New Delhi: The government may find itself in hot water on budget proposals that make duty evasion beyond a certain threshold a non-bailable offence, allow arrest on suspected withholding of service tax, and provide tax authorities powers to recover dues from a defaulter’s bankers.

Although finance minister P. Chidambaram in his budget presentation on 28 February promised a stable and non-
adversarial tax regime, the fine print seeks to provide sharper teeth to tax officials to deter and prosecute suspected evaders.

These stringent suggestions are likely to raise an outcry in Parliament when the matter is taken up for discussion and debate.

“Tax evasion is a civil offence. Mere avoidance of tax cannot be a criminal act unless it is proved that it was done with a criminal intention," said Yashwant Sinha, a former finance minister and a parliamentarian from the principal opposition Bharatiya Janata Party (BJP). “I’m personally against giving too much power to the tax authorities because they tend to misuse it. One has to be very careful in giving powers of arrest and seizure to authorities."

The government wants to make offences non-bailable where evasion of duty exceeds 50 lakh. It proposes to introduce arrest provisions under service tax.

It has also proposed that customs and excise officials recover money from an entity other than the defaulter if the former holds money on behalf of the latter—essentially helping them to recover dues of a defaulter from the latter’s bank.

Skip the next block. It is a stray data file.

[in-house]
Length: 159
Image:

The budget proposes to provide a maximum of one year up to which the tax appellate tribunal can grant a stay on a case. The stay will be vacated even if disposal of the case remains pending due to no fault of an assessee.

There is also a provision to make management of companies accountable in case of service tax evasion by imposition of a penalty. Earlier, a penalty could be imposed only on the offending firm.

“The government has proposed some bitter pills on the indirect tax side, about which there was no mention in the finance minister’s speech," said J.P. Singh, a partner at Luthra and Luthra Law Offices.

Since there is a huge number of cases pending for more than one year before the tribunal, the provision that the stay be vacated in a year is harsh.

“This means that even if the assessee is not to blame for non-disposal of the case by the tribunal, he will be at a loss if the tribunal doesn’t decide the case within one year," he said.

Government officials could not be contacted on Sunday to comment on these proposals. There was no response to a message left on the mobile phone of a top revenue official.

The government may find it difficult to get these provisions approved in Parliament. In last year’s budget proposals, then finance minister Pranab Mukherjee had proposed similar provisions to make certain offences under the customs and excise act non-bailable.

But the administration had to backtrack after strong opposition from BJP. Arun Jaitley, the opposition leader in the Rajya Sabha, had then equated those provisions to laws to fight terrorism. “There is no better advice you can give to businesses than this—don’t invest in India, because if you do, these are going to be the consequences," he had then said.

“The party’s stand in Parliament is likely to be the same as last year," Sinha said on Sunday.

The ruling United Progressive Alliance has been finding it difficult to meet the government’s tax revenue collection target due to a slowing economy and the administration’s inability to widen the taxpayer base and check tax evasion.

The revised estimates for the current fiscal year to March show that the tax collection target is short by nearly 30,000 crore.

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